Rui Costa: Rethinking Mobility For Our Customers
Q: You’ve worked for wireless companies in Portugal, Romania, The Netherlands, to name a few, and helped other American companies launch mobile services in more than 10 countries. What brought you to Comcast?
A: I chose these countries not because I wanted to live there but simply because they afforded the opportunity to fundamentally change consumer behavior. That’s how I ended up in the United States at Comcast. It was never part of my career plan to move here, but I'm very glad I did.
Q: How does the U.S. mobile market differ from Europe?
A: Beyond sheer size, the US market posed unique, if not impossibly attractive, challenges to someone looking to help evolve the mobile industry. The US is at the forefront on digital experiences across industries — except on mobile services. For example, unlike in Europe, buying and activating mobile services & devices in the US is nearly impossible without the assistance of an expert. And mobile technology itself is fragmented between GSM, LTE, and CDMA. In Europe, it’s also very common to bring your own devices—not so in the US.
Q: What do you consider your most important role with Xfinity Mobile?
A: My mission is to constantly challenge the norms of the U.S. customer experience at a relatively new wireless provider, which happens to live within one of the country’s largest providers of connectivity and entertainment services. I think it was only fitting that Comcast would bring someone from outside of the U.S. to reimagine the mobile product and customer experience. I choose to believe that my purpose is to break conventions or, as some would call them, the rules. So the first thing I did was assemble a team of rule-breakers.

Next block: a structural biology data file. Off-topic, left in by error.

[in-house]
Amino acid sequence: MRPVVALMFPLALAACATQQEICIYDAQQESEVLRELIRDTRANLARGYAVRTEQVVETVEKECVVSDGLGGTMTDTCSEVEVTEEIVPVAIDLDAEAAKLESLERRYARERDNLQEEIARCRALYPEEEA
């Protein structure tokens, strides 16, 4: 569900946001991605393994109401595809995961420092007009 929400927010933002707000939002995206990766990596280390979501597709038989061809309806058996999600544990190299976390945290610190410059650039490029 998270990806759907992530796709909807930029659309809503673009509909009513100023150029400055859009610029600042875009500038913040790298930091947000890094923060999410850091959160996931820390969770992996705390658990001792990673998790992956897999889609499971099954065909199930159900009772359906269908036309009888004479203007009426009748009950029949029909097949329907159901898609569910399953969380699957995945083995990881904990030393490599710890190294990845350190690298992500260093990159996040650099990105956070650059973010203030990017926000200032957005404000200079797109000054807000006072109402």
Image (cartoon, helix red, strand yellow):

At the end of the day, we have a choice: be part of consumer behavior change or be part of the status quo.
Q: Tell us about your team and what you mean by “rule-breakers”.
A: I wanted as many outsiders as possible. This is unconventional and may sound crazy, but we wanted to make sure that whomever we hired did not have wireless experience. That's one of the ways we tapped into innovation: forcing a team to reimagine every single step of the customer journey and life cycle without any common framework or reference. It is human nature to lean on what we know and use it for incremental change. Incremental change may lead to slightly better results, or no impact whatsoever, and that was not an option.
Q: Xfinity Mobile entered a very crowded and mature wireless market in the U.S. Can you talk a bit about what you’ve done to differentiate?
A: The answer to that question is simple -- by making the product the experience, and the experience the product. We crafted a value proposition that plays with three core proof points: network, experience and savings. Under the promise of a new kind of network designed to save you money, Xfinity mobile liberates consumers from complexity and the paradox of choice using By the Gig, unlimited or mix-and-match data options. It empowers customers to do more of what they love by connecting them not only through the largest LTE network but through 19 million WiFi hotspots, a switch that happens without users even knowing it (until they see just how little mobile data they’ve used but not paid for).
Q: What’s next for Xfinity Mobile?
A: We recently passed 1.4 million customers, and though we’re just over 2 years old, the work has just begun. It might not seem like it from the outside, but we have tremendous freedom here. We have permission to fail, which is very refreshing for a company of this size. To borrow (and adapt) from another Web-themed super hero, with great connectivity comes great responsibility.
The responsibility and impact that every single one of us has on millions of people. I think our job is not really to explain network, bits and bytes, and specs and features, or to convince people to buy one phone or the other; our job is to enable the connection to what matters most to them regardless of the access technology.